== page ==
The State Housing Authority has approved a low-income housing project to be located in the heart of Irmo.
The 44-unit complex known as Cooper’s Trace is planned for a site on Lake Murray Boulevard near Hillcreek subdivision.
Another proposed project proposed for Irmo, a 54-unit complex identified as Parkside at Harbison, was denied tax credits.
Low-income housing is a controversial topic in the Irmo community.
Many citizens have showed up at Irmo Town Council meetings since the two applications were revealed in May. They complained such projects would bring in hundreds of new residents who would overwork the resources of the Irmo community, including the police and fire departments and local schools. They urged the council to stop the projects with new zoning regulations.
Those protests prompted other citizens to complain that the community should not prejudge their neighbors simply because they can’t afford higher-priced housing.
To deny the right to fair housing costs is “immoral and inhumane,” Larry Haltiwanger, a former Lexington-Richland District 5 School Board member, said at a council meeting.
In an effort to stop the projects, the town considered revising town zoning ordinances to limit the number of units per acre. But the council decided not to make any changes after the town’s attorney warned that such an action could prompt lawsuits.
The approval of Cooper’s Trace does not have Irmo Mayor Hardy King overly concerned.
“I don’t have a fear of them and I never have,” King said of low-income housing projects.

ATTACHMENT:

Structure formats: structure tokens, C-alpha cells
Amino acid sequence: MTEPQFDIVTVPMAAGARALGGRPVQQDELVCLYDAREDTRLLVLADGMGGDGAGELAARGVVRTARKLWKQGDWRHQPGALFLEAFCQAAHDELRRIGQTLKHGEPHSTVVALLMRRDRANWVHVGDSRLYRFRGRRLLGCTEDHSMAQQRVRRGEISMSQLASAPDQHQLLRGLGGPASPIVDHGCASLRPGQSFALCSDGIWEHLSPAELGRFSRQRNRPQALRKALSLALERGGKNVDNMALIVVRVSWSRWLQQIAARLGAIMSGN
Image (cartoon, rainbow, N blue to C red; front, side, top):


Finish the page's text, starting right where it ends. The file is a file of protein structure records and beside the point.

Just because housing is low-income doesn’t mean they will harbor bad people, he said.
But the approval of Cooper’s Trace prompted the council to reconsider zoning regulations to prevent more projects from coming into the town.
Councilman Barry Walker Sr. raised the issue of zoning restrictions again at the Oct. 15 council meeting. He proposed a zoning change that would limit the allowable units per acre from 16 to four in areas zoned for multi-family housing.
But some council members said they have continued concern about lawsuits.
King offered an amendment proposal based on ordinances in other municipalities that would require buffer zones, traffic considerations and other restrictions on apartment developments. Maximum density would vary, depending on the number of units.
The council appeared favorable to King’s proposal, but agreed to defer action until the town’s planning commission had an opportunity to review the measure.
It’s the second low-income housing project approved for the Irmo area in recent years.
In 2016, the Housing Authority approved a 32-unit apartment complex for seniors known as Cinnaberry Pointe at Lake Murray Boulevard near Fork Avenue.
Town officials say that project has not created any problems for the community.